“I’m not asking a player to get a 3.0 because I want him to get a 3.0. If they do get it, there will be more opportunities. It allows them the opportunity to be a starter. If a position battle is even athletically, it will always go to the player with the higher GPA. I want them to understand their priorities. If a recruiter comes to talk, the first thing they ask about is grades. And even if football is not for them at a higher level, they’ll be able to get into the military or college and possibly even get a scholarship. If their GPA is not there yet, they can work up to it.
“Many kids out for the first time have already been programmed to be mediocre. It’s a culture shock for them. They never pushed themselves. Some feel it’s unattainable. The kids who decide to stick it out, it’s incredible to see what they can turn into. As coaches, we’re not just saying it. The coaches are in the study hall. The kids are not doing it by themselves. They’re supported. They can find help. They can accomplish great things when they push past mediocrity, if their heart is in the right place and they’ve got other people in their corner. There’s kids rolling in with 2.0’s and 2.7’s and it’s something they’ve never hit before.
“When we look back at our season last year, we had five (of eight) losses to two teams — two to Kahuku and three to Mililani. The other games we lost were to Punahou, Kapolei and Farrington. Those were losses we took to bigger teams, more experienced teams. We had to take our lumps. We were young with a bunch of kids we had to pull up and ask to compete with veterans who have played football for so long. That’s a lot to ask for younger kids — to play at that level. Our division is tough.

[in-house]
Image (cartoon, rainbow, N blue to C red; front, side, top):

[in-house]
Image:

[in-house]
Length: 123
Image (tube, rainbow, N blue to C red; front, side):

“It was a matter of grinding it out. We had some really good wins, one at Kailua. We played tough against Farrington, and we traveled to Hilo and beat the top seed in the Division I state tournament. For us, to be the best, we’ve got to play against the best. So we had to go through them. It helped build us mentally more than physically. We still need to compete at a high level more consistently, compete every play and not just wait for big plays to happen.
“Philosophically, we have something that we rolled out for the kids this year. It’s F3 (F to the third power). Faith, family and future. We’re talking about young adults, in school, in the community, with family, so when they make a decision, they’re making that decision not just for themselves but for their extended families. We try to get kids to learn character through the decisions they make. If something causes you to do something bad, what causes it? It can be exponential. We want them to think about how their choices affect them and how it affetcs those other people. Faith is religion if they have it, or faith in themselves, their friends, teammates and family. How is this choice going to honor others? Will my positive choice be serving or helping or leading?